The sixth-generation Mercedes E-Class has arrived, and some significant improvements have been made to the long-running executive saloon car, which will rival the new BMW 5 Series.
Every powertrain available in the new E-Class is electrified, following the example set by the facelifted GLE SUV. However, unlike the forthcoming 5 Series, there’s no all-electric version; that alternative is provided by the similarly sized EQE model.
When it comes to design, the new E-Class is an evolutionary step over its predecessor. It incorporates styling elements from the S-Class and EQE models – especially the new-look grille (which can be backlit as an option) and gloss-black surround. Slimmer LED headlights and tail-lights – the latter featuring a three-pointed star signature – also feature.
The latest E-Class has grown in every direction, resulting in more room inside, according to Mercedes. The boot capacity remains 540 litres for combustion-engined models and 370 litres for PHEV cars.
A drag coefficient of 0.23Cd should help boost efficiency, and for a further lift, the car’s wheels (ranging from 17 to 21 inches, depending on spec) are aerodynamically optimised. The latest E-Class also features flush-fitting door handles and an active radiator grille, which can close to reduce drag when cooling requirements are reduced.
Cementing the E-Class’s image as a luxury-focused choice in the executive segment, a lot of the new car’s tech is inspired by the larger S-Class. The big news is the E-Class’s optional ‘Superscreen’ dash. It’s essentially a smaller version of the Hyperscreen seen in the EQS and S-Class, and is powered by the latest MBUX infotainment. The design is similar, with a large central screen and two panels either side for each front occupant.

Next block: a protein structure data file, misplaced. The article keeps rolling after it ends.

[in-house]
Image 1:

Safety systems include active blind-spot and brake assist, while the E-Class is now available with automated valet parking.
When it comes to powertrains, the new E-Class is offered with mild-hybrid or plug-in power, with all models receiving a nine-speed automatic transmission. Mild hybrids start with the 201bhp E 200, which uses a 2.0-litre four-cylinder petrol engine that’s boosted by a 23bhp electric motor.
Diesel power comes in the form of the 194bhp 2.0-litre four-cylinder E 220 d mild hybrid, which is claimed will return 58.9mpg. This can be had with either rear-wheel drive or 4MATIC four-wheel drive.
Plug-in versions of the E-Class can travel up to 73 miles on electricity, courtesy of a 25.4kWh battery and an electric motor, backed up by a 2.0-litre four-cylinder petrol engine. The E 300 e offers a total power output of 312bhp, or there’s 381bhp in the E 400 e. An E 300 de diesel PHEV will join the line-up at a later date.
Despite the longer wheelbase of the new E-Class, the turning circle is smaller than the outgoing model’s 11.6 metres. The optional Technology package includes rear-axle steering that can add 4.5 degrees of angle, reducing the turning circle to 10.8 metres. Airmatic air suspension with adjustable dampers is also included.
Pricing for the new E-Class has yet to be confirmed, but expect the saloon to start from around £50,000 when it goes on sale later this year. The E-Class Estate will also return, while the UK line-up will be offered exclusively in AMG Line trim.